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High Desert Buddhist shrine has regional draw
by Joe Nelson, San Bernadino County Sun, Nov 30, 2008
ADELANTO, CA (USA) -- In this windswept desert city, just north of Adelanto Airport, a 25-foot statue of a Buddhist bodhisattva said to have miraculous healing powers looms over Highway 395.
<< Thich Dang Phap runs the Buddhist Meditation Center in Adelanto. Its 25-foot statue of Quan Yin, an enlightened being identified with compassion and mercy, is the main draw. Believers have said the statue has healing powers. The meditation center does not yet have a meditation hall, but Phap is raising money to build one. (Eric Reed/Staff Photographer)
Every week, hundreds of Buddhists from all over Southern California congregate here, at the 15-acre Buddhist Meditation Center.
At this remote temple still under construction, people come to pray at the outdoor altar of Quan Yin, a bodhisattva, or "enlightened one," who is identified with compassion and mercy.
Many believe Quan Yin's powers are stronger at this desert shrine than anywhere else. Worshippers claim to see a radiant white light emanating from the statue, usually accompanied by an arcing rainbow in the sky above. They say they've been healed of longstanding ailments.
"The temple is special in Adelanto. The light from the sky and from the statue come out," said Hoa Nguyen, 65, of Westminster. "Everyone says the same thing. We see the same thing. We see the light."
For years, Nguyen said she has been unable to move her left arm without crying out in pain. Weekly physical therapy sessions, numerous medical examinations and an MRI couldn't determine a cause for her condition.
She heard about the temple and the "special power" the Quan Yin statue held there. So she went, returning again and again, sometimes two to three times a week, leaving bottles of water at the altar to be blessed by the bodhisattva.
"Fifty percent of the pain go away," Nguyen said. "I can go in backyard now and work. Everything's normal."
Presiding over the temple is Monk Thich Dang "Tom" Phap, whose secular name is Thao Nguyen (no relation to Hao Nguyen). Before entering the Dai Dang Monastery in San Diego in the late 1980s, Phap was a mechanical engineer in Flint, Mich., for Ford Motor Co.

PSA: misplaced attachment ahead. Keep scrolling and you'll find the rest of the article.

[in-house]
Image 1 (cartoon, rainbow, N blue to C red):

As a captain in the South Vietnamese Army from 1965 to 1975, Phap oversaw the management of supplies before he was captured by the Viet Cong in 1975 and jailed for two years. After his release, Phap came to America and started a new life.
He said he bought the land in Adelanto about four years ago for $150,000, and moved to the High Desert from San Diego to start building the $15 million temple. It is being built solely on donations.
Standing 5-foot-1, Phap is small in stature but mighty in faith and ambition. His efforts have drawn attention from the Buddhist community on a global scale. He has received hundreds of thousands of dollars in donations from all over the world.
So far, donations have made possible the towering Quan Yin statue, said to be the tallest of its kind in the country, a reflecting pool beneath it, a 450-foot concrete walkway lined with 18 statues of bodhisattvas, and two gazebos.
Phap has applied with the county for the construction of an 8,700-square-foot prayer hall, and also has plans for a 5,000-square-foot meditation hall and a 5,000-square-foot classroom building.
He said he has collected just $100,000 of the $2 million he needs.
On Jan. 4, Phap is planning a celebration at the temple for the two new gazebos, and he expects more than 2,000 people to attend.
Lee Nguyen, no relation to Hoa or Phap Nguyen, plans to make the two-hour drive from Santa Ana to attend. He heard about the temple from his girlfriend, who read about the temple in a newspaper.
A craftsman by trade, Lee Nguyen decided to volunteer his skills to the temple, assisting in the construction of the two gazebos.
He was intrigued by the stories of Quan Yin's powers at the temple.
"Her spirit - that's what draws people out there," said Lee Nguyen, 55. "People who go up there and pray, it seems like their wish is granted."
Like any community, the Buddhists who have pulled together to help Phap appear to share his dream of making the sprawling temple a reality.
"I don't think it's just the Buddhists themselves. A lot of people, if it's something that interests them, I think that's what they would do," Lee Nguyen said.
ADELANTO TEMPLE INFORMATION
Buddhist Meditation Center
20635 Highway 395, Adelanto
Phone: (714) 656-5004